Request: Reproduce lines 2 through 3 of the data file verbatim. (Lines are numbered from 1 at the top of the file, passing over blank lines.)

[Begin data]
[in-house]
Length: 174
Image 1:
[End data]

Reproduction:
Length: 174
Image 1: